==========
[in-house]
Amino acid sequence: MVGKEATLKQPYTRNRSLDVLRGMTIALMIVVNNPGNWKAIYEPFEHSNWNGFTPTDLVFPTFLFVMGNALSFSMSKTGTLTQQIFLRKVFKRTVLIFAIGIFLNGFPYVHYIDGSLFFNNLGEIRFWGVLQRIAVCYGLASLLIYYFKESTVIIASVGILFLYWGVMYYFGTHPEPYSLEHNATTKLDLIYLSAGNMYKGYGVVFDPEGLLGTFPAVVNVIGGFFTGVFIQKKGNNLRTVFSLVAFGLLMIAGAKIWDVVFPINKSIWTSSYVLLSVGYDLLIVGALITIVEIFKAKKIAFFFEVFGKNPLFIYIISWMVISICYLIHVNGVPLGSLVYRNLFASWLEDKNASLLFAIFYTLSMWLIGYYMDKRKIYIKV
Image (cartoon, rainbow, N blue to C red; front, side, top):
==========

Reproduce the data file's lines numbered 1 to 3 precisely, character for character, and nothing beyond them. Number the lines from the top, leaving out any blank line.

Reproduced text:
[in-house]
Amino acid sequence: MVGKEATLKQPYTRNRSLDVLRGMTIALMIVVNNPGNWKAIYEPFEHSNWNGFTPTDLVFPTFLFVMGNALSFSMSKTGTLTQQIFLRKVFKRTVLIFAIGIFLNGFPYVHYIDGSLFFNNLGEIRFWGVLQRIAVCYGLASLLIYYFKESTVIIASVGILFLYWGVMYYFGTHPEPYSLEHNATTKLDLIYLSAGNMYKGYGVVFDPEGLLGTFPAVVNVIGGFFTGVFIQKKGNNLRTVFSLVAFGLLMIAGAKIWDVVFPINKSIWTSSYVLLSVGYDLLIVGALITIVEIFKAKKIAFFFEVFGKNPLFIYIISWMVISICYLIHVNGVPLGSLVYRNLFASWLEDKNASLLFAIFYTLSMWLIGYYMDKRKIYIKV
Image (cartoon, rainbow, N blue to C red; front, side, top):